IRI Improvements

From 2013-2015, Team 20 was invited to the Indiana Robotics Invitational. We found that pursuing robot improvements during that time was a great way to get students involved in the off-season.

In 2013, Team 20 pursued aggressive improvements, with the goal of becoming a better cycling machine for the 2013 game, Ultimate Ascent. We installed a new, two-speed gearbox, which was something Team 20 had not pursued in years. We added an actuating pneumatic extension to the top of the shooter such that when it was extended, it deflected the frisbee downwards, allowing the robot to shoot from more places on the field, and we developed a 4-disc centerline autonomous routine to grab one of the frisbees from the middle of the field. This routine grabbed a frisbee from the middle before most teams had shot their first disc during auto.

Unfortunately, the dog gear in our new two-speed gearbox shattered during our first qualification match, and despite our best efforts and the assistance of numerous other, wonderful teams, we ended up not fielding the robot for most of our matches the first day of IRI and was not selected.

In 2014, we pursued less aggressive improvements for that year’s game, Aerial Assist, as we did not want to repeat our 2013 performance. We made improvements to the consistency of our shot, added an extra motor to the collector, such that we could collect balls regardless of inflation quickly without having to adjust it in the pits, and added cool flashy LED’s to the robot for the first time. Unfortunately, despite these efforts, our robot had a few incidents where the robot lost communication, as well as a dead ball situation, and our inconsistency left Team 20 unpicked again at IRI.

This year, Team 20 does not have as competitive a machine as our 2013 and 2014 robots were, and as such, our goals are different.
Priority #1 is to have fun and learn a lot. The students are motivated to repeat our 2013 and 2014 robot success next year, and eager to learn as much from the incredible teams at IRI as they can.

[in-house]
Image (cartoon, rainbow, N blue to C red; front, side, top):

Priority #2 is to get picked for eliminations. We just want to be selected at IRI. Getting selected means we have more of a shot of winning the event than we had in 2013 or 2014.

Team 20 is pursuing two main improvements for our 2015 robot.
#1 is improvement at the human player station. Our innovative “tray” subsystem for catching totes from the human player station is too slow and inconsistent, so we’re tentatively bringing with us a “tote catcher” box, similar to the ones our Carson Divisional Championship alliance captain had, Team 1325- Inverse Paradox. The goal is be able to make 2-3 capped stacks of 6 from the human player station with this.
#2 is practice mining the landfill. We understand that since most teams at IRI are feeder station robots who are the best there is, we need to be able to do something when not given a feeder station. The inspiration here is from Team 225- TechFire, and the way they mine the landfill, grabbing 2 totes at a time.
Other hopeful improvements are re-vamping our 3 tote autonomous routine such that it’s much more consistent on the field, and adding cool flashy LED’s.

This is Team 5254’s first year qualifying for IRI, and with three finalist trophies being their main accomplishments thus far, they’re hungry for a win. Team 5254 does not have a practice robot, so any improvement they made during the season had to be during competitions. Now that we have the robot back, we’ve been making some aggressive changes.

Their improvements take a lot of inspiration from Team 254- The Cheesy Poofs, and Team 1114- Simbotics.
The key goal is to be able to make 4 stacks in a match from the feeder station during teleoperated mode. By using a long ramp sitting by the feeder station, we should be able to bypass the bottleneck of the chute door, like 1114 and 254 have done. But this is only effective if the robot can intake and stack totes fast enough.
We determined their collector needed to accept totes from a larger variance , and as such copied the geometry from 1114 and 254’s collectors as well. We also increased the speed of their elevator.
This had the side effect of making our landfill game much more effective as well, and we should be capable of 3 capped stacks of 6 from the landfill as well.
One problem 5254 had at championships was that if the team wanted to make a stack of less than 6 totes, they would often drop the container and mess up, since the robot needed to have the can held at the top when they went to place the stack to place it safely. With less than 5 totes, however, the can never made it to the top of the robot. To help with this problem, we’ve added a floating can stabiliser, similar to the one 1114 has been using all season.
The next goal for 5254 is to incorporate a Tote Stack Autonomous routine, as well as other minute improvements, such as can grabbing during teleop, and practice dealing with tipped cans.
Most of these improvements should be on display at MidKnight Mayhem this weekend, and they need all the practice they can get doing these new tasks.

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